Nicole Carter, originally from Sault Ste. Marie, Ontario, holds a BA Linguistics (University of British Columbia, 2003), an MLIS (University of British Columbia, 2008) and MA in Applied Linguistics and Discourse Studies (Carleton University, 2012). Nicole has held precarious work term contracts with Carleton University, University of Toronto, Library of Parliament, Citizenship and Immigration Canada (now Immigration, Refugees and Citizenship Canada) and Algonquin College.

Presenting on the results of a survey of academic librarians (n=95) who have held precarious work term contracts in Canada, this three minute talk will report, very briefly, on demographic details (including age, gender, ethnicity, sexual orientation, years since graduation), in what postsecondary environments they have been employed precariously (college, university, size of institution), the nature of these contracts (reason, duration), and responses to questions about their experience in these positions, including topics raised in prior literature around training, institutional integration, mentoring, and supervision.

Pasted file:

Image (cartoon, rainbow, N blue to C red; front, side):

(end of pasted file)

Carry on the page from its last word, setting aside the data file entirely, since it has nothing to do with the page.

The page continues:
This work is one of collaboration; supported by the Council of Atlantic University Libraries (CAUL-CBUA) Collaborative Research Grant and led by Lindsay McNiff, Learning & Instruction Librarian, Killam Memorial Library, Dalhousie University.